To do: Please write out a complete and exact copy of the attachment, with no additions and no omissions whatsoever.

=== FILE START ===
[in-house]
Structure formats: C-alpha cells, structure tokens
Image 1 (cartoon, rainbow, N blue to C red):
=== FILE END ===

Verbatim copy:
[in-house]
Structure formats: C-alpha cells, structure tokens
Image 1 (cartoon, rainbow, N blue to C red):